The expo was supported by various companies and attracted motivational speakers, career-guidance specialists and senior government officials from various districts, including Maseru.
“My wish is for more companies and organisations to join this initiative so that we can roll it out countywide. There is great need in many of our schools. A large number of children, including those with both parents, do not understand what we mean when we say they should behave responsibly. In many instances, children make mistakes while they think they are just playing,” he said.
“I believe as parents, government, private sector, civic organisations and other stakeholders, we all have a role to play in shaping the future of these children. It is wrong to assume what they want when we have not told them what they should expect.”
During the event, 24 best-performing students in the 2013 Junior Certificate and Cambridge Overseas School Certificate (COSC) examinations received awards sponsored by Kobeli Business Services, Trend Group, Metropolitan Lesotho, Econet-Telecom Lesotho, Maseru Toyota, Ellis Bloemfontein, Khatleli Tomane Moteane Architects, Senque Hotel, Lesotho Flour Mills, Matekane Group of Companies, Premier Foods Blue Ribbon, Lesotho Highlands Development Authority, Lesotho Highlands Water Commission, National University of Lesotho, Nien-Hsing International, EV Cosmetics and Phokeng Communications.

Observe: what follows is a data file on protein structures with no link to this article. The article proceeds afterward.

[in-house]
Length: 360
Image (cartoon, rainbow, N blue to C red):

“The thinking behind awarding best-performing students was to motivate them to continue working hard and also inspire those not performing well.”
Retsepile Kalaoane was honoured for her leadership skills while Teboho Malapane was last year’s best performing student in the COSC exams.
Malapane from Mateanong Village in Mokhotlong, who is the last of six siblings, is the only one who went up to COSC level in her family.
“Life has not been easy because both my parents worked in other people’s fields to put food on our table. With the bursary I got from the government, I managed to complete my COSC. I am grateful for the support I got from government and also feel honoured to be the recipient of this important award,” Malapane said.